A Fragment is a piece of an activity which enable more modular activity design. It will not be wrong if we say, a fragment is a kind of sub-activity.
Following are important points about fragment −
- A fragment has its own layout and its own behaviour with its own life cycle callbacks.
- You can add or remove fragments in an activity while the activity is running.
- You can combine multiple fragments in a single activity to build a multi-pane UI.
- A fragment can be used in multiple activities.
- Fragment life cycle is closely related to the life cycle of its host activity which means when the activity is paused, all the fragments available in the activity will also be stopped.
- A fragment can implement a behaviour that has no user interface component.
- Fragments were added to the Android API in Honeycomb version of Android which API version 11.
You create fragments by extending Fragment class and You can insert a fragment into your activity layout by declaring the fragment in the activity’s layout file, as a <fragment> element.
Prior to fragment introduction, we had a limitation because we can show only a single activity on the screen at one given point in time. So we were not able to divide device screen and control different parts separately. But with the introduction of fragment we got more flexibility and removed the limitation of having a single activity on the screen at a time. Now we can have a single activity but each activity can comprise of multiple fragments which will have their own layout, events and complete life cycle.
Following is a typical example of how two UI modules defined by fragments can be combined into one activity for a tablet design, but separated for a handset design.
The application can embed two fragments in Activity A, when running on a tablet-sized device. However, on a handset-sized screen, there’s not enough room for both fragments, so Activity A includes only the fragment for the list of articles, and when the user selects an article, it starts Activity B, which includes the second fragment to read the article.
Fragment Life Cycle
Android fragments have their own life cycle very similar to an android activity. This section briefs different stages of its life cycle.
Here is the list of methods which you can to override in your fragment class −
- onAttach()The fragment instance is associated with an activity instance.The fragment and the activity is not fully initialized. Typically you get in this method a reference to the activity which uses the fragment for further initialization work.
- onCreate() The system calls this method when creating the fragment. You should initialize essential components of the fragment that you want to retain when the fragment is paused or stopped, then resumed.
- onCreateView() The system calls this callback when it’s time for the fragment to draw its user interface for the first time. To draw a UI for your fragment, you must return a View component from this method that is the root of your fragment’s layout. You can return null if the fragment does not provide a UI.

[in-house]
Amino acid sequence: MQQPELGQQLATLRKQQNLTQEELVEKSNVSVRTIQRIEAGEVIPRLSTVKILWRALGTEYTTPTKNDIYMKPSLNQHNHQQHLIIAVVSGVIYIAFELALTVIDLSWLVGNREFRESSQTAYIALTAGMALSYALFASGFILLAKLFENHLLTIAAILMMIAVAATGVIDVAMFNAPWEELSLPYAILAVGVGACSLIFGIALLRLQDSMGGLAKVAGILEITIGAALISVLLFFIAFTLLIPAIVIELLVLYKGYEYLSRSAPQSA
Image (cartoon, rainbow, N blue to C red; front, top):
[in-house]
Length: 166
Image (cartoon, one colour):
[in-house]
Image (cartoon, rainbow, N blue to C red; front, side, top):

- onActivityCreated()The onActivityCreated() is called after the onCreateView() method when the host activity is created. Activity and fragment instance have been created as well as the view hierarchy of the activity. At this point, view can be accessed with the findViewById() method. example. In this method you can instantiate objects which require a Context object
- onStart()The onStart() method is called once the fragment gets visible.
- onResume()Fragment becomes active.
- onPause() The system calls this method as the first indication that the user is leaving the fragment. This is usually where you should commit any changes that should be persisted beyond the current user session.
- onStop()Fragment going to be stopped by calling onStop()
- onDestroyView()Fragment view will destroy after call this method
- onDestroy()onDestroy() called to do final clean up of the fragment’s state but Not guaranteed to be called by the Android platform.
How to use Fragments?
This involves number of simple steps to create Fragments.
- First of all decide how many fragments you want to use in an activity. For example let’s we want to use two fragments to handle landscape and portrait modes of the device.
- Next based on number of fragments, create classes which will extend the Fragment class. The Fragment class has above mentioned callback functions. You can override any of the functions based on your requirements.
- Corresponding to each fragment, you will need to create layout files in XML file. These files will have layout for the defined fragments.
- Finally modify activity file to define the actual logic of replacing fragments based on your requirement.
Types of Fragments
Basically fragments are divided as three stages as shown below.
- Single frame fragments − Single frame fragments are using for hand hold devices like mobiles, here we can show only one fragment as a view.
- List fragments − fragments having special list view is called as list fragment
- Fragments transaction − Using with fragment transaction. we can move one fragment to another fragment.